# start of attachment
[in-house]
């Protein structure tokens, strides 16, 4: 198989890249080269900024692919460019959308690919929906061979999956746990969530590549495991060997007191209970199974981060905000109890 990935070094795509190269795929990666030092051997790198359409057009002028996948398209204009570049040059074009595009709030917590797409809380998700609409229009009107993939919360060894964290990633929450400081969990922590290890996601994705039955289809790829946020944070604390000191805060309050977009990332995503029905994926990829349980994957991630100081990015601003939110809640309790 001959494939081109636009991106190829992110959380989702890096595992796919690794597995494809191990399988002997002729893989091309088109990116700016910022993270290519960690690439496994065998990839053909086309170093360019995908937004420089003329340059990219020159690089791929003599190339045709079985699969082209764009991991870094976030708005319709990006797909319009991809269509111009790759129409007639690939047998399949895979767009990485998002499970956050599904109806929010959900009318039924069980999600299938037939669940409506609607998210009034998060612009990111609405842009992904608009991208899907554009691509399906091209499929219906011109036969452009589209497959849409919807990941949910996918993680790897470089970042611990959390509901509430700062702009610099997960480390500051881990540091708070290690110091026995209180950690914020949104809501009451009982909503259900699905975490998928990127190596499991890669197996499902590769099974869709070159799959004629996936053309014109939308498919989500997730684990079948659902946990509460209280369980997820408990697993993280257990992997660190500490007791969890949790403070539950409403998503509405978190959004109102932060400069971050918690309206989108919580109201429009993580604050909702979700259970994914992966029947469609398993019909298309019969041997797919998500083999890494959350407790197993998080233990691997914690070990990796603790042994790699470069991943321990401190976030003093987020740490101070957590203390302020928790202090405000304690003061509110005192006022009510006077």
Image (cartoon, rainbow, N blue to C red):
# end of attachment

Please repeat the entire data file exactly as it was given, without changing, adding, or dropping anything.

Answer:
[in-house]
């Protein structure tokens, strides 16, 4: 198989890249080269900024692919460019959308690919929906061979999956746990969530590549495991060997007191209970199974981060905000109890 990935070094795509190269795929990666030092051997790198359409057009002028996948398209204009570049040059074009595009709030917590797409809380998700609409229009009107993939919360060894964290990633929450400081969990922590290890996601994705039955289809790829946020944070604390000191805060309050977009990332995503029905994926990829349980994957991630100081990015601003939110809640309790 001959494939081109636009991106190829992110959380989702890096595992796919690794597995494809191990399988002997002729893989091309088109990116700016910022993270290519960690690439496994065998990839053909086309170093360019995908937004420089003329340059990219020159690089791929003599190339045709079985699969082209764009991991870094976030708005319709990006797909319009991809269509111009790759129409007639690939047998399949895979767009990485998002499970956050599904109806929010959900009318039924069980999600299938037939669940409506609607998210009034998060612009990111609405842009992904608009991208899907554009691509399906091209499929219906011109036969452009589209497959849409919807990941949910996918993680790897470089970042611990959390509901509430700062702009610099997960480390500051881990540091708070290690110091026995209180950690914020949104809501009451009982909503259900699905975490998928990127190596499991890669197996499902590769099974869709070159799959004629996936053309014109939308498919989500997730684990079948659902946990509460209280369980997820408990697993993280257990992997660190500490007791969890949790403070539950409403998503509405978190959004109102932060400069971050918690309206989108919580109201429009993580604050909702979700259970994914992966029947469609398993019909298309019969041997797919998500083999890494959350407790197993998080233990691997914690070990990796603790042994790699470069991943321990401190976030003093987020740490101070957590203390302020928790202090405000304690003061509110005192006022009510006077």
Image (cartoon, rainbow, N blue to C red):